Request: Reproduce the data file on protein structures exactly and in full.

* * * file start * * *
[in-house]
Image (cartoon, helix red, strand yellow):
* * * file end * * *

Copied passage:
[in-house]
Image (cartoon, helix red, strand yellow):